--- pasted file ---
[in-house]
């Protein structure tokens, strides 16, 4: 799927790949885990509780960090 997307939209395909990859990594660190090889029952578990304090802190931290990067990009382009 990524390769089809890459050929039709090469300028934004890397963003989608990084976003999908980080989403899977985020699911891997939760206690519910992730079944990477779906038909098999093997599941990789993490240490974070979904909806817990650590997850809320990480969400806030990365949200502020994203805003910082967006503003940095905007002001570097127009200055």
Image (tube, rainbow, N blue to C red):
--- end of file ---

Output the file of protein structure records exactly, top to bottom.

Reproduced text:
[in-house]
């Protein structure tokens, strides 16, 4: 799927790949885990509780960090 997307939209395909990859990594660190090889029952578990304090802190931290990067990009382009 990524390769089809890459050929039709090469300028934004890397963003989608990084976003999908980080989403899977985020699911891997939760206690519910992730079944990477779906038909098999093997599941990789993490240490974070979904909806817990650590997850809320990480969400806030990365949200502020994203805003910082967006503003940095905007002001570097127009200055």
Image (tube, rainbow, N blue to C red):